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20121101
20121130
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CNBC 80
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English 80
Search Results 64 to 71 of about 80 (some duplicates have been removed)
vegas, parts of california, and even in florida. another concern is that prices overall are rising faster than income growth and that does not bode well for non-investors either. this phenomenon is playing out largely in those formerly very hot markets that crash the hardest. there are still some great deals for investors in places like chicago, atlanta, even right here in d.c. before you take me off, i got one thing. someone wrote in to the blog today really right down the line of what we're saying. he says people are buying homes out here in new orleans stupid fast. but the problem is they're investors and they're renting them all out. >> very good point. diana, thanks. good to see you. ty, down to you. >>> the german parliament approved a new bailout package for greece. meanwhile, unemployment hits a record high in the eurozone but european central bank chief mario draghi expects the economy to recover in that area in the latter half of next year. so what's ahead for debt stricken greece and the eurozone members? joining me here at the new york stock exchange, constantine mikalo
. the oil sands are buried under forests in alberta the size of florida. the oil here doesn't come gushing out of the sand the way it does in the middle east. the oil is in the sand. it has to be dug up and processed. >> this mine in general will be in operation for about 25 years. >> rick george, the colorado-born c.e.o. of suncor energy, took us into his strip mine for a tour. >> so, bob, this is what the oil sands tar looks like. it's a very rich, very pliable kind of a soil. >> now, when i squeeze it, why doesn't oil come out? >> well, because it's not warm enough. if you add this to hot water, you'll start the separation process, and you'll see the oil come to the top of the water, and you'll see sand drop to the bottom. >> it looks like topsoil, doesn't it? >> it does, but it is oil. >> it looks like topsoil, but all it grows is money. [laughter] it didn't always. the oil sands have been in the ground for millions of years, but for decades, prospectors lost millions of dollars trying to squeeze the oil out of the sand. it simply cost too much. t. boone pickens, the legendary texas oi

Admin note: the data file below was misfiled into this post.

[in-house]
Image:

-47. look at the state of florida. one that mitt romney is counting on as a lynchpin of the base. 29 electoral votes. president obama up among likely voters 49-47. in ohio, the state most look at as the potential tipping point. president obama has a six-point lead. he's gone hard on the auto bailout and hitting mitt romney. that's a point of contention. because ohio has been such a tough nut for the romney campaign to crack, that's a reason they are making a late play into pennsylvania. it depends on turnout organization, especially the composition of the electorate. what portion of white voters versus hispanics. definitely a lower level of intensity and young people. barack obama dominates among young people. mitt romney among seniors who are more motivated to vote. how much will that carry the day? we'll find out tomorrow. >> if you're looking for an early tell tomorrow, if you could only look at one state early on, virginia. if it's decisive either way does that suggest the rest of the night collapses in that direction? >> almost in any of the battleground states other than ohio w